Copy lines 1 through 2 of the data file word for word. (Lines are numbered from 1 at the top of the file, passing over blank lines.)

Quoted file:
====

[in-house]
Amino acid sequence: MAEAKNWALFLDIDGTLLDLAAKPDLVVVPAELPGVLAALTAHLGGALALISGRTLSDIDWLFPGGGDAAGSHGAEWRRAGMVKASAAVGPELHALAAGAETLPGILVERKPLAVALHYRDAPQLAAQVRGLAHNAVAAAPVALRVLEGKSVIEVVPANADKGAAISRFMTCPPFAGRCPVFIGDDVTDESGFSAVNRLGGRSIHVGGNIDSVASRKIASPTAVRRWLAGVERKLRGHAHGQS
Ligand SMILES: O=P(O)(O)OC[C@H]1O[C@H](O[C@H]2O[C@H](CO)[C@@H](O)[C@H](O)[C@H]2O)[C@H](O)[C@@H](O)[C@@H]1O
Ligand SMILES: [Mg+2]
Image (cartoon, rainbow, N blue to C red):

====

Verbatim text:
[in-house]
Amino acid sequence: MAEAKNWALFLDIDGTLLDLAAKPDLVVVPAELPGVLAALTAHLGGALALISGRTLSDIDWLFPGGGDAAGSHGAEWRRAGMVKASAAVGPELHALAAGAETLPGILVERKPLAVALHYRDAPQLAAQVRGLAHNAVAAAPVALRVLEGKSVIEVVPANADKGAAISRFMTCPPFAGRCPVFIGDDVTDESGFSAVNRLGGRSIHVGGNIDSVASRKIASPTAVRRWLAGVERKLRGHAHGQS